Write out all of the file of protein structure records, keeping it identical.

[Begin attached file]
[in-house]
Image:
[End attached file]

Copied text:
[in-house]
Image: